How do tides affect fishing you wonder?
Lets first understand what tides are, then we can understand how tides affect fishing. Tides are the rising and falling of the sea level. It is as a result of the gravitational pull of the sun and moon and follows a lunar timetable. In general terms, fishing is generally better when the tide is running, that is, during the middle period of the tide, instead of the peak of the low or high tide when the water is “slack “. Snappers and a lot of other fish species tend to feel more excited when the water is flowing. However, the fish biting regularly slows down with a slow or high water flow. It makes sense to time fishing trips during times that coincide with the tides.
Tides also affects deep-sea fishing, dictating the place where the fish retain their structure and concentrating food in circular movements of water that lead to a small whirlpool and deeper nutrient-rich water pushed to the surface. The impact of the tide is strongest in shallow waters, bay, estuaries and the harbor, as well as around the islands and reefs that “press” the tide through narrow channels.
How high the tides raise will differ depending on the position of the moon relative to the sun. When both are in line, we experience big tides. When they are opposite each other the tidal range is small, once the moon’s orbit brings it closest to Earth every 27.5 days (pedigree) we experience the highest tides in a month. When the moon is at the furthest point from Earth, the tides are lower.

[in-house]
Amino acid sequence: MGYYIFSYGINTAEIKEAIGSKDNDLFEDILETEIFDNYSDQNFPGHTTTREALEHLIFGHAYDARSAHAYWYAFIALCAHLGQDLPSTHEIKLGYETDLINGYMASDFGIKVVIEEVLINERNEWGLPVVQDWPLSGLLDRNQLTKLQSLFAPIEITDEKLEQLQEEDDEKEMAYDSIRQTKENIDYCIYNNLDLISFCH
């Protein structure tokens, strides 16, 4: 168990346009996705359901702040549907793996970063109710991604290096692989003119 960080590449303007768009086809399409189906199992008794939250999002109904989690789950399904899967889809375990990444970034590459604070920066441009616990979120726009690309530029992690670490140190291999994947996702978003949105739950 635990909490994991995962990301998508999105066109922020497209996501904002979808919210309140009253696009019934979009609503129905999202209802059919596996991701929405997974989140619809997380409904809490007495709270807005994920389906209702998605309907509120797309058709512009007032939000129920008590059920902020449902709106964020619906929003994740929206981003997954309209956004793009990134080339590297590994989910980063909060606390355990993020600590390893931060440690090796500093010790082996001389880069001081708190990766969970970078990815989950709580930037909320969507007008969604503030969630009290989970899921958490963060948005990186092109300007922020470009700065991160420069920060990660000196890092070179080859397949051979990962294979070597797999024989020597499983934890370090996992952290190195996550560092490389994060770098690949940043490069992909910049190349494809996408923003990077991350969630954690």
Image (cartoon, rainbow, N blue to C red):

The feeding cycle of several fish is directly affected by the movements of the tides. In most of the world, fish that cling to coastal areas feed mainly on the flood tide when tiny organisms are washed with warm water in winter and with cold water in summer. There are times when the fish feed at the start of the flood tide and the tail end of the ebb tide, This would explain the variation in the diet of fish species from one region to another at different times. What may seem indicative of certain fish species eating habits in one place may not be the same anywhere else at a short distance away.
Tidal flow provides one of the three main things that fish need: food. Current sweeps drag small marine animals and plants along with it, concentrating them in small whirlpools where a structure such as reefs or rocks disrupts the flow of water. All types of fish benefit from this, gathering where the food is concentrated. When small fish and smaller organisms are washed in with the rising tide, the larger fish will follow and feed on them, leaving when the food source is finished.